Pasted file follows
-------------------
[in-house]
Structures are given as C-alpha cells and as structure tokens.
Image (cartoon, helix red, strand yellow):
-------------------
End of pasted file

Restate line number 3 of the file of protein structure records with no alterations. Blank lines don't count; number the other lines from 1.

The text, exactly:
Image (cartoon, helix red, strand yellow):